Sunday, November 4, 2018

OCTOBER 29, 2018

A magnificent landscape of mountains, valleys, rolling hills, farm land, forests, castles, ancient culture and crafts, monasteries and astounding, fresco-filled churches,  a plethora of UNESCO World Heritage sites, cities with beautiful buildings...( and not beautiful communist buildings...) and a riveting history of domination and rebirth- THIS IS ROMANIA! 

Typical communist housing that was put up after tearing down the beautiful old buildings from the Belle Epoch era (1890-1914)

Romania is sometimes referred to as "Europe's great survivor," as it's been  invaded and occupied throughout its existence. It's a melting pot of  cultures. Since the fall of communism, (1989,) Romania's in a clean-up phase, both physically and metaphorically... and today, the people are speaking out about the horrors they  endured throughout the communist regime... something they wouldn't have dared speak of before. This isn't taught in our history books! It's still very raw and fresh to hear about from young people who lived through it.

For reference purposes, here's a map of Romania's provinces...many of which we visited.

TRANSYLVANIA... yes, it's a real place... the place that gave us Dracula, has no shortage of jaw-dropping castles on rocky hilltops.  There's spooky Bran Castle (...according to Bram Stoker's 1897 novel, DRACULA, the home of the vampire...but it really was never the home of VLAD TEPES, the man on whom DRACULA was based.) The castle IS in the woods and it's often foggy there... a perfect castle to house a mythical vampire! Bran Castle has survived two lifetimes- one that was medieval, during the time of Vlad Tepes ..."Dracula"... as well as rulers well before him) and since its restoration in the early 20th century, a life with  modern-day owners.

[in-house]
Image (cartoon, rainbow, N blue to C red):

Peles Castle, was the sumptuous 19th century home of King Carol I, the first king of Romania. Built between 1873-1914, it was furnished now as it was then. It had central heating, electricity, running water, telephone even had two electric elevators and a central vacuuming system... amazingly advanced for its time!!  VERY different from Bran Castle that was furnished quite sparsely!
In medieval towns like BRASOV, SIGHISOARA and SIBIU, the cobbled walkways continue to service residents as well as visitors. 

Transylvania's Saxon villages boast fortified (walled) churches that date back to the 14th century. These are churches surrounded by  a thick, high wall, so the area inside the wall became a refuge, sheltering and protecting people of the community when there was danger from warring countries. this one in BRASOV.

Rooms for families in the community to store food as well as to live during dangerous, threatening times of war.

The fortified churches not only had rooms for village families but also had classrooms so that children continued their education during war times.
This fortified church (PREJMER) had a defense corridor that went around the entire fortification.

For centuries, a highly productive peasant culture thrived in much of this country. The hilly geography and the lack of passable roads necessitated the emergence of several hundreds of self-sufficient villages... actually living museums, as their lives continue just like it has for centuries. This is most evident in  the province of MARAMURES, the most traditional of the provinces in Romania.  Here, my eyes feasted on an arresting tapestry of pasture land as well as old ladies dressed in traditional garb who peered at us from the benches in front of their homes;  where oversized hay racks and hay stacks appeared everywhere; horse-drawn carts clip-clopped  along at a snail's pace and stately wooden churches dominated... towns and villages were right out of the Middle Ages.

Ieud Hill Church in Maramures is one of the oldest wooden churches in Europe, dating back to at least the 1600's...a UNESCO World Heritage site.
Peri Monastery...possibly the tallest wooden structure in Europe.